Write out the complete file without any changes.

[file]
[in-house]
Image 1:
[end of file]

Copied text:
[in-house]
Image 1: